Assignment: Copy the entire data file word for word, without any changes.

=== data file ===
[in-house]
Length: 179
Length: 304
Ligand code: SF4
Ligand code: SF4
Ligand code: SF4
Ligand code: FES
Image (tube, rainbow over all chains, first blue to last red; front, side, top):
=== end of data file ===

[in-house]
Length: 179
Length: 304
Ligand code: SF4
Ligand code: SF4
Ligand code: SF4
Ligand code: FES
Image (tube, rainbow over all chains, first blue to last red; front, side, top):